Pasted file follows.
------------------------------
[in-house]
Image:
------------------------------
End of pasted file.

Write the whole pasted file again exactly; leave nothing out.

[in-house]
Image: